Protein kinases are frequently mutated in human cancers, which leads to altered signaling pathways and contributes to tumor growth and progression. ERK3 is an atypical mitogen-activated protein kinase (MAPK) containing an S-E-G activation motif rather than the conserved T-X-Y motif in conventional MAPKs such as ERK1/2. Recent studies have revealed important roles for ERK3 in cancers. ERK3 promotes cancer cell migration/invasion and tumor metastasis, and its expression is upregulated in multiple cancers. Little is known, however, regarding ERK3 mutations in cancers. In the present study, we functionally and mechanistically characterized ERK3 L290P/V mutations, which are located within ERK3’s kinase domain, and are shown to exist in several cancers including lung cancer and colon cancer. We found that in comparison with wild type ERK3, both L290P and L290V mutants have greatly increased activity in promoting cancer cell migration and invasion, but have little impact on ERK3’s role in cell proliferation. Mechanistically, while they have no clear effect on kinase activity, L290P/V mutations enhance ERK3’s cytoplasmic localization by increasing the interaction with the nuclear export factor CRM1. Our findings suggest that L290P/V mutations of ERK3 may confer increased invasiveness to cancers.
Extracellular signal-regulated kinase 3 (ERK3), also known as MAPK6, is an atypical mitogen-activated protein kinase (MAPK). In contrast to conventional MAPKs (such as ERK1/2) that have dual phosphorylation sites in their conserved T-X-Y activation motif, ERK3 has a single phosphorylation site (S189) in its S-E-G activation motif1,2. ERK3 protein shuttles between the nucleus and cytoplasm3 and was recently also found to localize at the leading edge of the plasma membrane4. Nuclear export of ERK3 is mediated by the exportin protein chromosomal maintenance 1 (CRM1)3. In addition, ERK3 was shown to interact with and transport MAPK-activated protein kinase-5 (MK5) from the nucleus to the cytoplasm5,6.
Recent studies have revealed important roles for ERK3 in cancers. ERK3 stimulates lung cancer cell invasiveness both in vitro and in vivo by phosphorylating steroid receptor coactivator 3 (SRC3) oncoprotein and upregulating SRC3-mediated matrix metalloproteinase (MMP) gene expression7. In addition, ERK3 regulates cell morphology and promotes breast cancer cell migration4. Currently, little is known about the molecular mechanisms underlying ERK3’s motility-promoting role. Furthermore, ERK3 confers lung cancer cells resistance to topoisomerase-2 inhibitors by enhancing the DNA damage repair activity of tyrosyl DNA phosphodiesterase 2 (TDP2)8. In line with its important roles in cancer cell migration, invasion and DNA damage response, ERK3 is upregulated in multiple cancers, including non-small cell lung cancer7, gastric cancer9 and oral squamous cell carcinoma10. Mechanistically, ERK3 expression level in cancer cells was shown to be upregulated by BRAF (through increasing ERK3 mRNA)11, BMI1 (by suppressing let-7i which targets ERK3 mRNA)12 and USP20 (by deubiquitinating and stabilizing ERK3 protein)13.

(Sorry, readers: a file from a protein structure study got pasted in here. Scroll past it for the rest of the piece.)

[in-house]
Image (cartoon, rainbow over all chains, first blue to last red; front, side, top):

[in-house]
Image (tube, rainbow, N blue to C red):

Protein kinases are frequently altered in cancers and are critical players in cancer initiation and progression. Protein kinases can be altered by multiple mechanisms, such as gene copy number changes (gain or loss), mutations (including deletions, chromosomal translocation and point mutations) and epigenetic changes in gene promoters14,15. Interestingly, ERK3 mutations were detected in multiple cancers in studies of human genome wide profiling cancer mutations2,16,17,18 and were shown in databases such as COSMIC (Catalogue Of Somatic Mutations In Cancer) and VarSome (the Human Genomic Variant Search Engine). Of important note are the mutations on L290 (L290P and L290V) within the kinase domain of ERK3. Both L290P and L290V mutations were detected in multiple cancers, including lung cancer, skin cancer and colon cancer, albeit at a relatively low frequency (around 1–2%)2,16,17,18. However, the impact of L290P/V mutations on ERK3’s kinase activity and cellular functions remains to be investigated.
In the present study, we generated ERK3 L290P/V mutants and investigated their impact on ERK3 kinase activity and cellular functions. We found that both L290P and L290V mutants greatly promote cancer cell migration and invasion, even significantly more than wild type ERK3, but have little impact on cell proliferation. Mechanistically, while they have no clear effect on kinase activity, L290P/V mutations enhance ERK3’s cytoplasmic localization by increasing the interaction with CRM1. Our findings suggest that L290P/V mutations in ERK3 may confer increased invasiveness to tumors.
Both L290P and L290V mutations increase ERK3’s capability of promoting cancer cell migration and invasion
ERK3 promotes cancer cell migration and invasion4,7. We therefore determined the effects of L290P/V mutations on ERK3’s functions in cancer cell migration and invasion. This was first tested in HeLa cells by transiently transfecting HA-tagged wild type ERK3 (ERK3 WT) or ERK3 L290 mutants. As expected, ERK3 overexpression greatly increased HeLa cell migration (ERK3 WT versus empty vector (EV), Fig. 1a and b). Interestingly, as compared to ERK3 WT, both L290P and L290V mutants further significantly increased HeLa cell migration (Fig. 1b). We also determined the effects of L290 mutations on cell proliferation. Overexpression of ERK3 WT slightly, but not significantly, decreased HeLa cell proliferation, and there was no significant difference between ERK3 WT and either L290P or V mutants in their effects on cell proliferation (Fig. 1c).